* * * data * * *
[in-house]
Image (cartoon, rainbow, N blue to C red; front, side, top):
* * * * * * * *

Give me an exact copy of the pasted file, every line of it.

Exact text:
[in-house]
Image (cartoon, rainbow, N blue to C red; front, side, top):